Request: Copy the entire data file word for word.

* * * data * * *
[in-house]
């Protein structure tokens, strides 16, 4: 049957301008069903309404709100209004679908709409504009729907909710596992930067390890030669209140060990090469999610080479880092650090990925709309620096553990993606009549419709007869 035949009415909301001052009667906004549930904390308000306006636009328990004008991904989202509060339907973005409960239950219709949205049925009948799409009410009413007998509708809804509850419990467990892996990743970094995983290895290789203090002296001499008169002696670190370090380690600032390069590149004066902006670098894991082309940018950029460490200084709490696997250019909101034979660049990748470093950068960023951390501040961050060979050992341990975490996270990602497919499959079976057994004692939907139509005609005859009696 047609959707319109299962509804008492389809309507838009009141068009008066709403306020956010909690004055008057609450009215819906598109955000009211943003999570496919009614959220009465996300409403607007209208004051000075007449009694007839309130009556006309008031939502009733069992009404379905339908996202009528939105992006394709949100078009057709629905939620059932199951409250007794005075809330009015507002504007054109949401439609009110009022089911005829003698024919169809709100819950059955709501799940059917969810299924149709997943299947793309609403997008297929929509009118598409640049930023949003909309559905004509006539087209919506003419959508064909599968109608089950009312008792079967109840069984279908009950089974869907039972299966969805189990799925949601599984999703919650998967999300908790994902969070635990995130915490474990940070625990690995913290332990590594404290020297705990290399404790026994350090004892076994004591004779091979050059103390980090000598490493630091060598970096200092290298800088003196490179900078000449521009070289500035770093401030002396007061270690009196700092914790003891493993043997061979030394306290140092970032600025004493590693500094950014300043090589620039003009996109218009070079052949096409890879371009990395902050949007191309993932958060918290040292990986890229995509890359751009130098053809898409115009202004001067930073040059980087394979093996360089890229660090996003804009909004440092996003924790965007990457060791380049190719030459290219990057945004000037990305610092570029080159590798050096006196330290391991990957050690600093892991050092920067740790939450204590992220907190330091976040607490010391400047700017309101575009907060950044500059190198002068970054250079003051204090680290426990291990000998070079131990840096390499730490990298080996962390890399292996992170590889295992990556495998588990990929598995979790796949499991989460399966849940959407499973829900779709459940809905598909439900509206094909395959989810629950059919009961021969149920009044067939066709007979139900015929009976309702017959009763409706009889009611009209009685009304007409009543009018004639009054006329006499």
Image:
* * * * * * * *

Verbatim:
[in-house]
């Protein structure tokens, strides 16, 4: 049957301008069903309404709100209004679908709409504009729907909710596992930067390890030669209140060990090469999610080479880092650090990925709309620096553990993606009549419709007869 035949009415909301001052009667906004549930904390308000306006636009328990004008991904989202509060339907973005409960239950219709949205049925009948799409009410009413007998509708809804509850419990467990892996990743970094995983290895290789203090002296001499008169002696670190370090380690600032390069590149004066902006670098894991082309940018950029460490200084709490696997250019909101034979660049990748470093950068960023951390501040961050060979050992341990975490996270990602497919499959079976057994004692939907139509005609005859009696 047609959707319109299962509804008492389809309507838009009141068009008066709403306020956010909690004055008057609450009215819906598109955000009211943003999570496919009614959220009465996300409403607007209208004051000075007449009694007839309130009556006309008031939502009733069992009404379905339908996202009528939105992006394709949100078009057709629905939620059932199951409250007794005075809330009015507002504007054109949401439609009110009022089911005829003698024919169809709100819950059955709501799940059917969810299924149709997943299947793309609403997008297929929509009118598409640049930023949003909309559905004509006539087209919506003419959508064909599968109608089950009312008792079967109840069984279908009950089974869907039972299966969805189990799925949601599984999703919650998967999300908790994902969070635990995130915490474990940070625990690995913290332990590594404290020297705990290399404790026994350090004892076994004591004779091979050059103390980090000598490493630091060598970096200092290298800088003196490179900078000449521009070289500035770093401030002396007061270690009196700092914790003891493993043997061979030394306290140092970032600025004493590693500094950014300043090589620039003009996109218009070079052949096409890879371009990395902050949007191309993932958060918290040292990986890229995509890359751009130098053809898409115009202004001067930073040059980087394979093996360089890229660090996003804009909004440092996003924790965007990457060791380049190719030459290219990057945004000037990305610092570029080159590798050096006196330290391991990957050690600093892991050092920067740790939450204590992220907190330091976040607490010391400047700017309101575009907060950044500059190198002068970054250079003051204090680290426990291990000998070079131990840096390499730490990298080996962390890399292996992170590889295992990556495998588990990929598995979790796949499991989460399966849940959407499973829900779709459940809905598909439900509206094909395959989810629950059919009961021969149920009044067939066709007979139900015929009976309702017959009763409706009889009611009209009685009304007409009543009018004639009054006329006499």
Image: